This is something disciples of Jesus must continue to wrestle with. One might assume, or hope, that transfiguration-like moments would be the goal of the Christian life. Peter certainly expresses a desire to linger, asking to set up three shelters in a way reminiscent of the Feast of Booths, Israel’s annual celebration of the wilderness wanderings. Peter wants to worshipfully slow down and commemorate the place, but this is not the point. Perhaps this is why we are not given the name of the place. As amazing as the transfiguration must have been to experience, the purpose of the moment wasn’t to stay in it but to move from it. The transfiguration was about preparation. Ultimately, these disciples were meant to move from the mountaintop to the cross. This scene echoes Jesus own baptism (Luke 3:21-22). His baptism marked the beginning of His earthly ministry. His transfiguration marked the beginning of His move into Jerusalem – toward submission and suffering. The transfiguration, then, is about preparation for their ultimate calling, which is a call to follow Jesus to the cross. This deserves serious reflection.

How many times have we, like Peter, wanted to remain in mountaintop moments? How often do we look back at those moments as the true high points of our lives with Christ? The transfiguration challenges these notions. Our mountaintop experiences with God are significant. They are filled with meaning and purpose, but they are not the point. Instead, these special, non-normative experiences in our spiritual past might be given to us to prepare us for something else, something difficult, yet significant in the future. The preacher might invite those gathered to consider their own moments of transfiguration and how they might illumine future purpose.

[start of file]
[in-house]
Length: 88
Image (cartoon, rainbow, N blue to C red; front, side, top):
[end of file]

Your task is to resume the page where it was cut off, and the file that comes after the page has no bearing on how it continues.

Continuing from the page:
Oh, and one more thing, Peter and his friends were asleep when this all started. Sleep is usually a great thing, though here it symbolizes unfaithfulness, just as wakefulness does faithfulness. The preacher could, of course, make a joke about those who might choose to sleep through the sermon and miss the message, but if they do, they shouldn’t miss the larger opportunity here. Peter and his friends almost missed this moment entirely. The transfiguration! How many moments like these are we missing, because we are not fully awake?

6_jasonsquareDr. Jason Edwards
Senior Pastor
Second Baptist Church, Liberty, MO



Tags: transfiguration, mountain top experience, suffering, messiah, wakefulness, Jesus and the Old Testament

Post a comment

You may use the following HTML:
<a href="" title=""> <abbr title=""> <acronym title=""> <b> <blockquote cite=""> <cite> <code> <del datetime=""> <em> <i> <q cite=""> <s> <strike> <strong>